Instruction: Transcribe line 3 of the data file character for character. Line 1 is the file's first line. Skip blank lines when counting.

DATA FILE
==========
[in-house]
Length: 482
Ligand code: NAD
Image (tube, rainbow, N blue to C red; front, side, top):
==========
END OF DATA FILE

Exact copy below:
Ligand code: NAD